Cedar Breaks National Monument, Utah

Craters of the Moon National Monument, Idaho

Denali National Park, Alaska

Dinosaur National Monument, Colorado

Grand Canyon National Park, Arizona

Great Basin National Park, Nevada

Great Sand Dunes National Park and Preserve, Colorado

Joshua Tree National Park, California

Rocky Mountain National Park, Colorado

Voyageurs National Park, Minnesota

Whiskeytown National Recreation Area, California

Yosemite National Park, California

Artist Tyler Nordgren created this amazing poster for his “See the Milky Way” campaign:


In its manifesto for a second century of greatness, one of goals of the NPS is to protect that forgotten natural resource—darkness—and to restore “starry nights” by managing ambient light within parks and in bordering communities. One big step in that direction was the creation of the America’s first Dark Sky Cooperative on the Colorado Plateau, in collaboration with several partner organizations.

Apparently, in the dark, there is still so much to see.




NPS photo of Dinosaur NM by Dan Duriscoe.



Let’s Close the National Parks

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History tends to repeat itself. A half-century ago national parks were receiving a record number of visitors but amid inadequate funding their facilities were falling apart.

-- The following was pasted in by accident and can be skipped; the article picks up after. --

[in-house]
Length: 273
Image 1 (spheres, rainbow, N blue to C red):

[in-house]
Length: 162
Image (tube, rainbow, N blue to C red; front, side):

One popular writer had a radical idea: “Let’s Close the National Parks” wrote Bernard DeVoto in the October 1953 issue of Harper’s Magazine. “The deterioration of roads and plants that began with the war years, when proper maintenance was impossible, has been accelerated by the enormous increase in visitors, by the shrinkage of staffs, and by miserly appropriations that have prevented both repair and expansion of facilities…[Congress] requires the Service to operate a big plant on a hot-dog-stand budget,” he wrote.

As a result, DeVoto said, “So much of the priceless heritage which the Service must safeguard for the United States is beginning to go to hell.” His proposed solution? “The national park system must be temporarily reduced to a size for which Congress is willing to pay. Let us, as a beginning, close Yellowstone, Yosemite, Rocky Mountain, and Grand Canyon National Parks—close and seal them, assign the Army to patrol them, and so hold them secure till they can be reopened.”